The story is told of how President John Kennedy once visited NASA.  He came across a cleaner and asked him what his job was.  The cleaner replied: “My job is to help to put a man on the moon.”  There’s always been a discussion of whether this story is true or not, but what it illustrates is the cleaner’s complete alignment with the aims of NASA, its collective mission and strategy.  This was clearly a great eye-to-eye moment.

Conclusion

It’s time to take alignment seriously – it’s time to make changes and it’s time to deliver on all the promises we’ve made over the years.  The rest is up to you and I hope you grasp the task with both hands.

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6 replies
  1. Ryan Tracey says:

    Wow, what a sorry state of affairs. Unfortunately, though, I can’t say I’m surprised about the research findings. A lack of alignment has been a flaw of L&D departments the world over, as evidenced by the slashing of training budgets by the C-suite at the first sign of danger, and the almost comical disputes between centralised OD teams and their distributed colleagues in areas such as Operations.

    I love how you’ve put it, Jonathan: Alignment is unselfish. Indeed, it is about driving success within your business and your customers – in other words, it’s about performance. Hobby horses and fads don’t improve performance; they’re an expensive waste of time. (Although I think big data could have a part to play in the PNA process.)

    Alignment reinforces the imperative for L&D professionals to shift their role from service provider to strategic partner. No more reactionary responses to solution-first demands from the business (we need a team building workshop!) but rather, as you say, more listening, analysing, measuring and evaluating. Heaven forbid we calculate ROI.

    We need to be proactive, converse with our stakeholders, analyse root causes, identify true capability needs, and know the metric we’re trying to shift. Or we could just book our people into another Presentation Skills course.

    Reply
  2. Jonathan Kettleborough says:

    Hi Ryan,

    Wow – beautifully said! This post seems to have stimulated some interest across social media and yet – at its heart – the concepts are very simple. It never ceases to amaze me that so many L&D ‘professionals’ mess about with fads and ‘bright ideas’ and ‘innovative technology’ when all their business wants are its issues fixed.

    Hopefully – over time – more people will realise that being, as you so wonderfully put it, a ‘strategic parter’ is the way to go – that this will deliver results as well as the coveted seat at the table.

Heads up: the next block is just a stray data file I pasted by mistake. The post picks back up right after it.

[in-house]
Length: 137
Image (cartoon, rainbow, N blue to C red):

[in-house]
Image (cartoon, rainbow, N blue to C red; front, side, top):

Thanks again for your passionate words. I’ve four more related posts over the next few weeks which covers the key elements of alignment as well as how we can measure it within our own businesses and I hope you find these useful as well.

    Jonathan.

    Reply
  3. Angela Bah says:

    A great article, and I agree with the comments above also, it is a sad situation. L&D is a complex issue and it is very difficult and time-consuming process to educate clients about such issues, or convince them which ideas would be of benefit, rather than go for the bells and whistles approach.

    Reply
  4. Trent Rosrn says:

    ….and as they say ‘proof is in the pudding’ and the research evidence certainly indicates this.

    For our ‘customers to recognise that we have real value to offer’ (I’ve re used your line Jonathan) we must also become better at profiling our services to them, whether that’s in the form of positive statistical data, emails to the business, newsletters, blogs, case studies, benefits etc. By demonstrating our value we become an integral part of the business. Demonstrating value is not about promoting that we offered X amount of courses and there was an average of 90% attendance.

    There is a place and purpose for L&D in business and we need to become advocates of our services. Otherwise we continue to be branded as the department of ‘reactionary response to solution-first demands from the business’, which I agree with Ryan.

    Reply
    • Jonathan Kettleborough says:

      Hi Trent,

      Great observations. We have to show that we can offer benefits to our business and then we have to deliver them. If we do this with consistency then we’ll be trusted and will earn our place as an integral part of the business we serve.

      Jonathan.

      Reply